diabetes education
Desafiando La Diabetes

desafiando la diabetes

U.S. Hispanics are nearly twice as likely to be diagnosed with diabetes as non-Hispanic whites, and diabetes is the fifth leading cause of death within the Hispanic community, according to the Centers for Disease Control and Prevention. During this month we should aim to raise awareness and educate ourselves, family and friends on type 2 diabetes to work towards living happier and healthier lives.

Celebrity chef Leticia Moreinos Schwartz is working with Merck on Desafiando La Diabetes: Logra Tus Metas,a program urging Hispanics with type 2 diabetes to know their A1C – average blood sugar level over the past two to three months – and to work with their doctor to develop a plan to set and attain their personal A1C goal.

“After struggling with type 2 diabetes for many years, my grandfather passed away from a stroke, one of the serious complications of diabetes,” says Moreinos Schwartz. “That’s why I’m passionate about empowering Hispanics to learn how to reach their blood sugar goals.”

The American Diabetes Association (ADA) recommends that many people with diabetes have an A1C of less than 7 percent to help reduce the risk of complications, such as blindness, amputation, heart disease and stroke.

For certain individuals, a higher or lower A1C may be more appropriate, which is why it is important for people with diabetes to speak with their health care providers to discuss the A1C goal that is right for them. Nearly half of people with diabetes have an A1C greater than 7 percent.

Most people with diabetes are aware of the importance of lowering blood sugar, but it’s also important for patients to understand why blood sugar can sometimes go too low. For people on certain diabetes medications, low blood sugar can be caused by skipping meals or excessive exercise and can make you feel shaky, dizzy, sweaty or hungry, and sometimes, faint. If you have type 2 diabetes, make sure your doctor explains the signs and symptoms of high and low blood sugar to you and let him or her know if you are experiencing any of those symptoms.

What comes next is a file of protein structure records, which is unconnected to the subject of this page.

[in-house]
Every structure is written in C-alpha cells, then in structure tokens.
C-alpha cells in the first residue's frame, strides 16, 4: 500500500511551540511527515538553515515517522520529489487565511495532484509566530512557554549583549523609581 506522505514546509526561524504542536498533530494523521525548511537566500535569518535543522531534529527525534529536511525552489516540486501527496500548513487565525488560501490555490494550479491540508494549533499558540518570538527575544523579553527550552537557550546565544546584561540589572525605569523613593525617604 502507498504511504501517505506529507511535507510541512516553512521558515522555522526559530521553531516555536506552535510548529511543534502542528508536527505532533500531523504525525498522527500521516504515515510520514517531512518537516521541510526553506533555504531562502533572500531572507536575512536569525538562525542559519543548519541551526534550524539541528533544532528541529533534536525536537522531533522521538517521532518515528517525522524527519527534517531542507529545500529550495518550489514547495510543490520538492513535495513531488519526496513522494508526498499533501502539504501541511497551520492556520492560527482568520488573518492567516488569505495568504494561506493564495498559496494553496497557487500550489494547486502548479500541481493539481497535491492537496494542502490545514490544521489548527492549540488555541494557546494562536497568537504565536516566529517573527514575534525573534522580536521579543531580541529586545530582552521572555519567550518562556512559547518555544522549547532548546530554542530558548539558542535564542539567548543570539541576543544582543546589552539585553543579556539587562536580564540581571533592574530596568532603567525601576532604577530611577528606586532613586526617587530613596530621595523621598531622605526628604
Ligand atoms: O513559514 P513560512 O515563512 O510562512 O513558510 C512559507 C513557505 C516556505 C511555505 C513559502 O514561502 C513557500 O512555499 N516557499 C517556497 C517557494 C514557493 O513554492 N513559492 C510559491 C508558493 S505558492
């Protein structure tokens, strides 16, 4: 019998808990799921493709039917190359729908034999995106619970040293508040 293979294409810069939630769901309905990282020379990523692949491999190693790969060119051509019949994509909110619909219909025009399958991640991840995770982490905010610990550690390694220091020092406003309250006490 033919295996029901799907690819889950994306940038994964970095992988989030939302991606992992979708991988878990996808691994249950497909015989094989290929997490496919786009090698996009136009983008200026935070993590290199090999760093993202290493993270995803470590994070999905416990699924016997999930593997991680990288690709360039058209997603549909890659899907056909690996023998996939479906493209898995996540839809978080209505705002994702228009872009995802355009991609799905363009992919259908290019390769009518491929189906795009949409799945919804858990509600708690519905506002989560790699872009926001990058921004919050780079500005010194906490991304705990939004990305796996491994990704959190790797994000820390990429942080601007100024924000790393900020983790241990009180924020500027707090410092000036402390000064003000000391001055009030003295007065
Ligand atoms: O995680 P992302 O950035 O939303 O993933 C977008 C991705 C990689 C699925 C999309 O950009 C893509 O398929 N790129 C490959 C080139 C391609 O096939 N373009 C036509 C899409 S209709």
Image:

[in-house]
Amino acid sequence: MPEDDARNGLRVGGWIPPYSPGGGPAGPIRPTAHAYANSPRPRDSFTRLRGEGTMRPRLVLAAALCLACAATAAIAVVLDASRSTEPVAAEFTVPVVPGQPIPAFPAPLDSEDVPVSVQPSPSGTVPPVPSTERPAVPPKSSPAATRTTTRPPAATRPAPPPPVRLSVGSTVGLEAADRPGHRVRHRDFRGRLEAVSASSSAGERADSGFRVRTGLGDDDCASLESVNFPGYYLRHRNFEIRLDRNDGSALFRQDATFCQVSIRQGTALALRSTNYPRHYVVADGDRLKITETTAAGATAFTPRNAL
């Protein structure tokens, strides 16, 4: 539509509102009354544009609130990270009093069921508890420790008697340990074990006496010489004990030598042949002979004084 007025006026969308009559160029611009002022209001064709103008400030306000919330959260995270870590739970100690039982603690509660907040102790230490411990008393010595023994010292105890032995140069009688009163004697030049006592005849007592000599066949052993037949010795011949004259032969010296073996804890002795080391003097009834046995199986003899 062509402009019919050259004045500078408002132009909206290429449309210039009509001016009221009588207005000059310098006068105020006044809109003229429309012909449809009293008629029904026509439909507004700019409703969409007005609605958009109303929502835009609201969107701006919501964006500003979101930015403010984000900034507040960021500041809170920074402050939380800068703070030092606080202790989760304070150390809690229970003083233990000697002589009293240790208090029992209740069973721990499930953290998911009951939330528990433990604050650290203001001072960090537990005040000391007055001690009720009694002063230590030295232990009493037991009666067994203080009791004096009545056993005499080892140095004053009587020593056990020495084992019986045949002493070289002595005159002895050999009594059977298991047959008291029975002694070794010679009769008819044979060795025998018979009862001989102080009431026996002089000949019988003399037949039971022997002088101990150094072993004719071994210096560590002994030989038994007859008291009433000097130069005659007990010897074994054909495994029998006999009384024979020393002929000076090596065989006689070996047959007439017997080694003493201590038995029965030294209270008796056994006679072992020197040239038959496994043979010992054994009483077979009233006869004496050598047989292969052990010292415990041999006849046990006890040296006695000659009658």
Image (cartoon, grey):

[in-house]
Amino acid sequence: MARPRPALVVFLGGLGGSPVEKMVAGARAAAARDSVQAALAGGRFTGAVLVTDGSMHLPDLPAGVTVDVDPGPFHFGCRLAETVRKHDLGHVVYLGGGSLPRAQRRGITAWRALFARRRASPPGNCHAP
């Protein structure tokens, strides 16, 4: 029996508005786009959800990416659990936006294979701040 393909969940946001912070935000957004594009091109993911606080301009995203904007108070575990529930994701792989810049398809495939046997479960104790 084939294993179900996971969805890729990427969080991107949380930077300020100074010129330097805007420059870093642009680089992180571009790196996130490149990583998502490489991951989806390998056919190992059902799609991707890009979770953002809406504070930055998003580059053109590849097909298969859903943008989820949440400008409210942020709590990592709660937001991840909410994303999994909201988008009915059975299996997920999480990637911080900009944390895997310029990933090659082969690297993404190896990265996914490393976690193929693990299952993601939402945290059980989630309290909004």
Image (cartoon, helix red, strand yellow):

Diabetes is a progressive disease, and sometimes your treatment plan may need to change. If your doctor decides it is time to change your medication, it doesn’t mean you haven’t tried hard enough – many people need to adjust their treatment plans over time to reach their A1C goal.

 

Key Questions to Ask Your Doctor

Achieving blood sugar control can be challenging, yet it is a crucial part of a diabetes management plan. People who join Desafiando La Diabetes can stay motivated and take an active role in controlling their blood sugar by asking a few key questions to guide their discussion with their doctor:

 

  • * What is my A1C and what should my goal be?
  • * How often should I test my blood sugar and what should my targets be?
  • * What are the possible side effects of the medication(s) I am taking?
  • * What are the signs and symptoms of high and low blood sugar?
  • * Do I need to make any changes to my overall diabetes management plan?

 

Visit DesafiandoLaDiabetes.com and pledge to work with your doctor to know your A1C and set and attain your blood sugar goals, or to encourage a loved one to do the same. You can also find bilingual resources for you and your family including diabetes-friendly recipes from Chef Leticia.

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